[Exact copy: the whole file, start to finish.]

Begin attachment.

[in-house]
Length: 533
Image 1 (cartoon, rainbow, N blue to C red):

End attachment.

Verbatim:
[in-house]
Length: 533
Image 1 (cartoon, rainbow, N blue to C red):